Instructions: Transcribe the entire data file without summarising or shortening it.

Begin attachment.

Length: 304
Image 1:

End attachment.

Length: 304
Image 1: